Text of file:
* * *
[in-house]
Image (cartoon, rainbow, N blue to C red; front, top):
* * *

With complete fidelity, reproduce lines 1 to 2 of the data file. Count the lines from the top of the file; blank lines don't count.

[in-house]
Image (cartoon, rainbow, N blue to C red; front, top):